With average nursing home costs in the US exceeding $66,000 a year, long-term care is a serious concern for likely voters and will be a consideration in their voting decisions for this mid-term election finds a new poll released today by AARP.
In its latest “Election Watch” poll, 74 percent of the respondents said they are likely to vote for a candidate who supports a shared approach to long-term care where both the government and individuals pay the costs.
AARP Director of Government Relations David Sloane explains, “Roughly half of the respondents (49%) think someone in their immediate family will need long-term care in the near future. It’s no wonder that three-quarters of likely voters want help paying for the care that they or their loved ones will need.”
The long-term care poll is one in a series of nine polls AARP is conducting leading up to Election Day. The polls measure voter interest in the issues AARP members have identified as their most important. The national sample is comprised of 1,500 likely voters age 42 and above.
When it comes to long-term care worries, the poll found very little difference of opinion among the age groups. Younger boomers (ages 42-50) are just as likely as older boomers (ages 51-60) and those ages 61 and above to report they are either likely or very likely to vote for a candidate who supports a shared approach to long-term care.
The poll, which was conducted in early October, found a large number of undecided voters in the final few weeks before the elections. As of October 6, a majority say they have not yet decided which candidates they will vote for in their House of Representatives race (57%) and nearly half are not yet decided in their U.S. Senate race (48%).
What the AARP poll does show is that Americans are narrowly divided between basing their vote for congressional candidates on “bringing home the bacon” to their congressional district (42%) and agreement with the candidate’s position on major national issues (44%).
On the other hand, more say a candidate’s position on one or two key issues (44%) matters most when they vote rather than the personal qualities of the candidates (35%).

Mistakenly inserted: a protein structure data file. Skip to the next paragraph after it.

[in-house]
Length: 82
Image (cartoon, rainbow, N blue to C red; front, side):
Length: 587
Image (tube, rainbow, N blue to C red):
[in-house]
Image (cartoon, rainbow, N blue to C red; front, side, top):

The issues really do matter according to Sloane, “Many voters want to learn more about where the candidates stand on issues. Through AARP voter guides, forums and other events, people have the opportunity to ask the candidates challenging questions about issues that will still influence their vote.
AARP is helping educate voters about the candidates’ positions through its voter guides and a unique campaign introduced this fall called “Don’t Vote.” Sloane explains, “By logging on to www.dontvote.com, people in every state can get the information they need to help the nation’s most active voters also become the most informed.”
Sloane concluded, “With federal and state dollars as key funding sources for long-term care, the issues of how to best use those resources to meet people’s needs and how to do so in a way that is affordable to individuals and society as a whole will certainly be important issues in Congress and state legislatures in 2007 and in the years to come. We need to explore additional financing options to pay for long-term care services and change the way we think about and provide these services.”
Next week, AARP’s “Election Watch” will look at another priority, Social Security. Full copies of this week’s and other AARP “Election Watch: Pulse of a Generation” polls, can be accessed at www.aarp.org/research/legis-polit/elections/pulse_2006.html.
AARP is a nonprofit, nonpartisan membership organization that helps people 50+ have independence, choice and control in ways that are beneficial and affordable to them and society as a whole. We produce AARP The Magazine, published bimonthly; AARP Bulletin, our monthly newspaper; AARP Segunda Juventud, our bimonthly magazine in Spanish and English; NRTA Live & Learn, our quarterly newsletter for 50 + educators; and our website, www.aarp.org. AARP Foundation is an affiliated charity that provides security, protection, and empowerment to older persons in need with support from thousands of volunteers, donors and sponsors. We have staffed offices in all 50 states, the District of Columbia, Puerto Rico, and the U.S. Virgin Islands.